Synopses & Reviews
Unix Backup & Recovery provides a complete overview of all facets of Unix backup and recovery, and offers practical, affordable backup and recovery solutions for environments of all sizes and budgets. The book begins with detailed explanations of the native backup utilities available to the Unix administrator, and ends with practical advice on choosing a commercial backup utility.This book:
- Describes the features, limitations, and syntax of Unix backup and restore utilities,(including dump, tar, cpio, dd, GNUtar, and GNUcpio) for many popular versions of Unix, including AIX, Compaq Unix, HP-UX, IRIX, SCO, Solaris, and Linux
- Provides instructions for installing and configuring freely available backup systems such as AMANDA
- Includes ready-to-run shell scripts that automate live backups of Informix, Oracle, and Sybase databases
- Presents step-by-step recovery procedures for Oracle, Informix, and Sybase
- Presents step-by-step "bare-metal" disaster recovery procedures for AIX, Compaq Unix, HP-UX, IRIX, Solaris, and Linux
- Describes the design of "disaster recovery" and "highly available" systems
- Provides guidance on choosing a commercial backup and recovery system
- Describes the features and limitations of backup hardware
Providing an overview of all facets of UNIX backup and recovery, this text offers practical backup and recovery solutions for environments of all sizes and budgets, explaining everything from freely-available backup systems to large-scale commercial utilities.
Unix Backup & Recovery provides a complete overview of all fa
This guide provides a complete overview of all facets of UNIX backup and recovery and offers practical, affordable backup and recovery solutions for environments of all sizes and budgetswith explanations from freely available systems to large-scale commercial utilities.
Unix Backup & Recovery provides a complete overview of all fa
About the Author
W. Curtis Preston has specialized in designing data protection systems since 1993, and has designed such systems for many environments, both large and small. His lively prose and wry, real-world approach has made him a popular author and speaker.
Table of Contents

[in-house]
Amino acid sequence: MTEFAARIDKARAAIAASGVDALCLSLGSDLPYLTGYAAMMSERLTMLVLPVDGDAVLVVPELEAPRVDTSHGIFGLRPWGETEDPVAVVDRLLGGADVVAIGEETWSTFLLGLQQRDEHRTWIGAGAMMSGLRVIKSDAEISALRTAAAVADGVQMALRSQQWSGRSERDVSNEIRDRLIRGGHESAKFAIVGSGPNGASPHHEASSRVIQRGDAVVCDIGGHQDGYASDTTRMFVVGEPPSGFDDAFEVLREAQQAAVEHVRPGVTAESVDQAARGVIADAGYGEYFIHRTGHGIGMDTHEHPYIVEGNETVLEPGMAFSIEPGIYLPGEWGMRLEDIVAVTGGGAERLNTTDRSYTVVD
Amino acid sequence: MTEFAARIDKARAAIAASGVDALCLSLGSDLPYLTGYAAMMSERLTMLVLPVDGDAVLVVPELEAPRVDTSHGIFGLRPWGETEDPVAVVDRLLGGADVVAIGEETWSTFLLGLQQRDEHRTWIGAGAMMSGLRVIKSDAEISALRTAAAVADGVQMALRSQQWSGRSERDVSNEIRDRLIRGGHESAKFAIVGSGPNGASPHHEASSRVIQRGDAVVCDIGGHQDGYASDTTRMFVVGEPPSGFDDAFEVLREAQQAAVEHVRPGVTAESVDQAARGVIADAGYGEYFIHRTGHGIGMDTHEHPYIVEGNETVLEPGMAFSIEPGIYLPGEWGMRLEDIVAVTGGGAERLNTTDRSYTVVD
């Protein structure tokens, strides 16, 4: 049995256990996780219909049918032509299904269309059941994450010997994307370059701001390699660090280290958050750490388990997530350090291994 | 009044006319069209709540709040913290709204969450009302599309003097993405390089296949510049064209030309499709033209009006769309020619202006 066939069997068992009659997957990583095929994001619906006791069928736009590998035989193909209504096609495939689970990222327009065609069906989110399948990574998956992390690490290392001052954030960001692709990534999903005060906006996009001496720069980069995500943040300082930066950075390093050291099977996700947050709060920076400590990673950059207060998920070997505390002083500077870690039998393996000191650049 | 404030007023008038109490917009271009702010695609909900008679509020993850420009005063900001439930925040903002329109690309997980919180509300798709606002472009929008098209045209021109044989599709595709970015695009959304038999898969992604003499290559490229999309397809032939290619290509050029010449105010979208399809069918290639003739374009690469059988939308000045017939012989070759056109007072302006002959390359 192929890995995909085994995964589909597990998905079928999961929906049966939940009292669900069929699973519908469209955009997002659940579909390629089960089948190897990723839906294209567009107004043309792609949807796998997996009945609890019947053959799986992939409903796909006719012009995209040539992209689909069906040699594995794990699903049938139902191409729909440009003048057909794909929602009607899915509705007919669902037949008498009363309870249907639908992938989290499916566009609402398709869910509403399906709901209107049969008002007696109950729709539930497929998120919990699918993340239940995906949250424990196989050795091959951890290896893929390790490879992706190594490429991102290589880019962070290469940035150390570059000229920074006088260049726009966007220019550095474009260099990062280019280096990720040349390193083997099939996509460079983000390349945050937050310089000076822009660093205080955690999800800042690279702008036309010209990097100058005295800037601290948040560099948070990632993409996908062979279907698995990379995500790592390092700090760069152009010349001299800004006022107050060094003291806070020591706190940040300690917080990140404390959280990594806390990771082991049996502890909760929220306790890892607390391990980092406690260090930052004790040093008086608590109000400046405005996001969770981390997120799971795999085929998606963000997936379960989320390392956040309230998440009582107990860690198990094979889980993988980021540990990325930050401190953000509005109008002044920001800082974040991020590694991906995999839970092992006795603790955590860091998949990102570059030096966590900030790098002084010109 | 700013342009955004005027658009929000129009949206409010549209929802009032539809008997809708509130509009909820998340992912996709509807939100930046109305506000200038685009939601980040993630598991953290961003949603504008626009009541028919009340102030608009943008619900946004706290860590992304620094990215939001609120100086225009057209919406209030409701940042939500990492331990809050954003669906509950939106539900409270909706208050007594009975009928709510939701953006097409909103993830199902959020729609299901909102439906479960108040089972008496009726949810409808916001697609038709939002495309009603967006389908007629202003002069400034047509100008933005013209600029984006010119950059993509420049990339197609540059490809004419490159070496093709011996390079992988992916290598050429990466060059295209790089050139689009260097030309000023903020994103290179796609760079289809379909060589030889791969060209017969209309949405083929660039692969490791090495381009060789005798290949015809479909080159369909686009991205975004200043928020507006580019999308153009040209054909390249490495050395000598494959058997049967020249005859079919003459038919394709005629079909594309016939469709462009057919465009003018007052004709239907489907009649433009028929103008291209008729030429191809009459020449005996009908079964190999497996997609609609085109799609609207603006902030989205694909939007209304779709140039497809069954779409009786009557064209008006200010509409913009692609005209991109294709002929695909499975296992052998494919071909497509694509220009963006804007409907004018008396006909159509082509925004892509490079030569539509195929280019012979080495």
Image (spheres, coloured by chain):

Dedication; Preface; I Wish I Had This Book; Only the Recovery Matters; Products Change; Backing Up Databases Is Not That Hard; Bare-Metal Recovery Is Not That Hard; The Scripts in This Book Actually Work; How This Book is Organized; Conventions; How to Contact Us; This Book Was a Team Effort; Introduction; Chapter 1: Preparing for the Worst; 1.1 My Dad Was Right; 1.2 Developing a Disaster Recovery Plan; 1.3 Step 1: Define (Un)acceptable Loss; 1.4 Step 2: Back Up Everything; 1.5 Step 3: Organize Everything; 1.6 Step 4: Protect Against Disasters; 1.7 Step 5: Document What You Have Done; 1.8 Step 6: Test, Test, Test; 1.9 Put It All Together; Chapter 2: Backing It All Up; 2.1 Don't Skip This Chapter!; 2.2 Why Should You Read This Book?; 2.3 How Serious Is Your Company About Backups?; 2.4 You Can Find a Balance; 2.5 Deciding What to Back Up; 2.6 Deciding When to Back Up; 2.7 Deciding How to Back Up; 2.8 Storing Your Backups; 2.9 Testing Your Backups; 2.10 Monitoring Your Backups; 2.11 Following Proper Development Procedures; 2.12 Unrelated Miscellanea; 2.13 Good Luck; Freely Available Filesystem Backup and Recovery Utilities; Chapter 3: Native Backup and Recovery Utilities; 3.1 An Overview; 3.2 Backing Up with the dump Utility; 3.3 Restoring with the restore Utility; 3.4 Limitations of dump and restore; 3.5 Features to Check For; 3.6 Backing Up and Restoring with the cpio Utility; 3.7 Backing Up and Restoring with the tar Utility; 3.8 Backing Up and Restoring with the dd Utility; 3.9 Comparing tar, cpio, and dump; 3.10 How Do I Read This Volume?; Chapter 4: Free Backup Utilities; 4.1 The hostdump.sh Utility; 4.2 The infback.sh, oraback.sh, and syback.sh Utilities; 4.3 A Really Fast tar Utility: star; 4.4 Recording Configuration Data: The SysAudit Utility; 4.5 Displaying Host Information: The SysInfo Utility; 4.6 Performing Remote Detections: The queso Utility; 4.7 Mapping Your Network: The nmap Utility; 4.8 AMANDA; Commercial Filesystem Backup and Recovery Utilities; Chapter 5: Commercial Backup Utilities; 5.1 What to Look For; 5.2 Full Support of Your Platforms; 5.3 Backup of Raw Partitions; 5.4 Backup of Very Large Filesystems and Files; 5.5 Simultaneous Backup of Many Clients to One Drive; 5.6 Simultaneous Backup of One Client to Many Drives; 5.7 Data Requiring Special Treatment; 5.8 Storage Management Features; 5.9 Reduction in Network Traffic; 5.10 Support of a Standard or Custom Backup Format; 5.11 Ease of Administration; 5.12 Security; 5.13 Ease of Recovery; 5.14 Protection of the Backup Index; 5.15 Robustness; 5.16 Automation; 5.17 Volume Verification; 5.18 Cost; 5.19 Vendor; 5.20 Conclusions; Chapter 6: High Availability; 6.1 What Is High Availability?; 6.2 HA Building Blocks; 6.3 Commercial HA Solutions; 6.4 The Impact of an HA Solution; Bare-Metal Backup and Recovery Methods; Chapter 7: SunOS/Solaris; 7.1 What About Fire?; 7.2 Homegrown Bare-Metal Recovery; 7.3 Recovering a SunOS/Solaris System; Chapter 8: Linux; 8.1 How It Works; 8.2 A Sample Bare-Metal Recovery; Chapter 9: Compaq Tru64 Unix; 9.1 Compaq's btcreate Utility; 9.2 Homegrown Bare-Metal Recovery; Chapter 10: HP-UX; 10.1 HP's make_recovery Utility; 10.2 The copyutil Utility; 10.3 Using dump and restore; Chapter 11: IRIX; 11.1 SGI's Backup and Restore Utilities; 11.2 System Recovery with Backup Tape; 11.3 Homegrown Bare-Metal Recovery; Chapter 12: AIX; 12.1 IBM's mksysb Utility; 12.2 IBM's Sysback/6000 Utility; 12.3 System Cloning; Database Backup and Recovery; Chapter 13: Backing Up Databases; 13.1 Can It Be Done?; 13.2 Confusion: The Mysteries of Database Architecture; 13.3 The Muck Stops Here: Databases in Plain English; 13.4 What's the Big Deal?; 13.5 Database Structure; 13.6 An Overview of a Page Change; 13.7 What Can Happen to an RDBMS?; 13.8 Backing Up an RDBMS; 13.9 Restoring an RDBMS; 13.10 Documentation and Testing; 13.11 Unique Database Requirements; Chapter 14: Informix Backup and Recovery; 14.1 Informix Architecture; 14.2 Automating Informix Startup: The dbstart.informix.sh Script; 14.3 Protect the Physical Log, Logical Log, and sysmaster; 14.4 Which Backup Utility Should I Use?; 14.5 Physical Backups Without a Storage Manager: ontape; 14.6 Physical Backups with a Storage Manager: onbar; 14.7 Recovering Informix; 14.8 Logical Backups; Chapter 15: Oracle Backup and Recovery; 15.1 Oracle Architecture; 15.2 Physical Backups Without a Storage Manager; 15.3 Physical Backups with a Storage Manager; 15.4 Managing the Archived Redologs; 15.5 Recovering Oracle; 15.6 Logical Backups; 15.7 A Broken Record; Chapter 16: Sybase Backup and Recovery; 16.1 Sybase Architecture; 16.2 Physical Backups Without a Storage Manager; 16.3 Physical Backups with a Storage Manager; 16.4 Recovering Sybase; 16.5 Logical Backups; 16.6 An Ounce of Prevention . . .; Backup and Recovery Potpourri; Chapter 17: ClearCase Backup and Recovery; 17.1 ClearCase Architecture; 17.2 VOB Backup and Recovery Procedures; 17.3 View Backup and Recovery Procedures; 17.4 Summary; Chapter 18: Backup Hardware; 18.1 Choosing on a Backup Drive; 18.2 Using Backup Hardware; 18.3 Tape Drives; 18.4 Optical Drives; 18.5 Automated Backup Hardware; 18.6 Vendors; 18.7 Hardware Comparison; Chapter 19: Miscellanea; 19.1 Volatile Filesystems; 19.2 Demystifying dump; 19.3 Gigabit Ethernet; 19.4 Disk Recovery Companies; 19.5 Yesterday; 19.6 Trust Me About the Backups; Colophon;